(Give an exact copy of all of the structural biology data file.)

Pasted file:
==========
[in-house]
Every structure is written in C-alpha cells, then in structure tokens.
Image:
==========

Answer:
[in-house]
Every structure is written in C-alpha cells, then in structure tokens.
Image: